Modern Algebra or Common Core?

Let’s play a little game. We’ll call it Modern Algebra or Common Core?

For each of the following learning targets, determine whether it comes from my undergraduate Modern Algebra textbook or from the Common Core State Standards for Algebra I.

  1. Explain how the definition of the meaning of rational exponents follows from extending the properties of integer exponents to those values, allowing for a notation for radicals in terms of rational exponents.
  2. Discuss… exponential functions with continuous domains.
  3. The polynomial ring…has features that have no analogues in the ring of integers.
  4. Polynomials form a system analogous to the integers.
  5. By “abstracting” the common core of essential features…develop a general theory that includes as special cases the integers…and the other familiar systems.
  6. With each extension of number, the meanings of addition, subtraction, multiplication, and division are extended. In each new number system—integers, rational numbers, real numbers, and complex numbers—the four operations stay the same in two important ways: They have the commutative, associative, and distributive properties and their new meanings are consistent with their previous meanings.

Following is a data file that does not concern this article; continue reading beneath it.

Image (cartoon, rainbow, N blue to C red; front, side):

Answers in the comments.


2 responses to “Modern Algebra or Common Core?

  1. 1. CCSS
    2. CCSS
    3. Abstract Algebra
    4. CCSS
    5. Abstract Algebra (I was very excited to find a quote with “common core” in it.
    6. CCSS

    I realize that 1&2 might have been better contrasted with an Analysis textbook. But I’ve only so much time.

    This activity helped me to notice that the main difference between the two documents is that CCSS always uses system where modern algebra textbooks use ring, field and group.

  2. Interesting dissonance between #3 and #4.

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